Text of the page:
Throughout education, it is a critical goal to impart upon students a deep and extensive understanding of what they are learning. Beyond just surface-level recall and application of the subject matter, students must be able to perform critical, analytical, and creative thinking in order to make use of their knowledge in the real world. We can illustrate the difference between a basic understanding and this “deep” “high-level” knowledge using Webb’s Depth of Knowledge (DOK), a commonly-used academic framework that classifies the depth and extent of student understanding (see Table 1) (Webb, 2002). The higher the level, the more the student is able to transfer their knowledge between different contexts and use it outside the classroom (Francis, 2017).
Any curriculum that succeeds in granting students this deep understanding must have rigor. A rigorous curriculum is defined as one that expects students to learn at high levels, supports them through that learning, and enables them to demonstrate their learning (Blackburn, 2008). It is not rigorous to simply rely on the precision inherent in coding and give students repetitive problems on the basis that those problems are “difficult” (Blackburn, 2017). For a class to truly be considered rigorous, students must demonstrate true understanding of the subject matter using critical thinking practices (McBride, 2015).
We have identified three key aspects of rigor that are missing from existing exposure-model computer science curricula, and designed our courses to incorporate them. A rigorous computer science curriculum requires:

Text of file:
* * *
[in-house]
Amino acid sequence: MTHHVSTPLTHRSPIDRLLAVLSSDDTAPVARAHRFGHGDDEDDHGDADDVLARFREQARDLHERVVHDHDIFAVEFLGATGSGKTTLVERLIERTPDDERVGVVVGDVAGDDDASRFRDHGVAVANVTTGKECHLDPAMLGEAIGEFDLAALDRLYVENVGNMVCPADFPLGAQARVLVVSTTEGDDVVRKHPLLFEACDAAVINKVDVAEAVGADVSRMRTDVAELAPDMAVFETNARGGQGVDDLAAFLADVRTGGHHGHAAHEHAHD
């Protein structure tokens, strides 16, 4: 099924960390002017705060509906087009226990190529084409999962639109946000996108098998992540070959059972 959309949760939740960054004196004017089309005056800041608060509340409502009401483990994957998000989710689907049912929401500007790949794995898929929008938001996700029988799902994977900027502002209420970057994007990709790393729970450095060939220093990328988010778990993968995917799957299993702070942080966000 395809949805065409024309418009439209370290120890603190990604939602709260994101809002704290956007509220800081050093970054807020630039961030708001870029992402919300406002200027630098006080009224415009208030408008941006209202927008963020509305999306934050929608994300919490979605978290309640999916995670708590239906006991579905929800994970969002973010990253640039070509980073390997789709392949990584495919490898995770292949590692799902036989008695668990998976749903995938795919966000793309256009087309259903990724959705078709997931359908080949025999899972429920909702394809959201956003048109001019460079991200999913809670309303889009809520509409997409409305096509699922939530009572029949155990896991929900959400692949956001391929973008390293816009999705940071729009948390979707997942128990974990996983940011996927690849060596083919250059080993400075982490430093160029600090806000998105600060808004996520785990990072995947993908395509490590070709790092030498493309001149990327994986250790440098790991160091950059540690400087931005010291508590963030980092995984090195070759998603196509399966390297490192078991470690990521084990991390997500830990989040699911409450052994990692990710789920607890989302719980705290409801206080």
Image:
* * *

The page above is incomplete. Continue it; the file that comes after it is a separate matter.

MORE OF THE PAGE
A lesson sequence with instructional design to guide students through steadily deeper understanding
Pedagogy that incorporates questions and discussion to stimulate thinking
Challenge for all students at all levels of comprehension
In this article, we will examine why each of these points is important and how our curriculum is designed to achieve them.
The sequence of activities surrounding a given set of concepts is vital for guiding students towards true understanding. It is not sufficient to simply provide information and then have students practice in a single manner. Students that do not understand will rarely be induced to understanding by simple repetition, and students that have already achieved understanding will quickly become bored (Williamson & Johnston, 1999). The activities provided within a curriculum must be explicitly designed to guide students from initial exposure to a concept through progressively higher depths of knowledge until they are able to demonstrate mastery of the concept.
We have designed a sequence of activities within each lesson to guide students from first learning a coding concept to demonstrating a high depth of knowledge with it. The table below summarizes this sequence, with details following about each part of our solution.